One of the hardest things to watch as an empathetic viewer is grief.
Star Trek: Discovery Season 4 Episode 2 unpacks not only Book’s despair at seeing his homeworld disintegrate but how the anomaly’s destruction has triggered strong feelings in Tilly, Adira, and Stamets stemming from their past traumas.
What lifts the narrative out of the potentially dismal spiral of darkness is how each character manages to make strides forward and commit to a future towards which they can look forward.
It’s unusual to see Burnham at such a loss as to what do as when she’s confronted by Book’s post-anomaly defensiveness.
Chalk it up to the events of her childhood or her Vulcan upbringing, but Burnham’s emotional toolbox holds little subtlety.
She wants to be able to face a problem head-on and solve it with heart and verve and maybe a little bit of luck, none of which is going to chip a speck off of the wall of blame and shame and denial that Book is living behind when Discovery is sent to collect data on the anomaly.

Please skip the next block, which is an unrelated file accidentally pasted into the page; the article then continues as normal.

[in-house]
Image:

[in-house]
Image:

Hey, Book. It’s just us now. You and me. And I need you to listen to me. You couldn’t have saved them. There is nothing you could have done. You couldn’t have known.
By the end, she may have released Discovery’s tether on Book’s ship, but she remains his tether to the world of the living.
It’s her voice that brings him back. It’s her promise to always be there for him that allows him to reconnect emotionally again.
For a person as empathically gifted as Book, shutting down in the aftermath of Kwejian’s destruction would be like having all your limbs chopped off.
There’s no way to interact with the world when you feel nothing, when all your emotions are focused on those who have died and who can no longer reciprocate.